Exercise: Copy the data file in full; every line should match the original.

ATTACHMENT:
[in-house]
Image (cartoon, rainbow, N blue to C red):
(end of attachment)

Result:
[in-house]
Image (cartoon, rainbow, N blue to C red):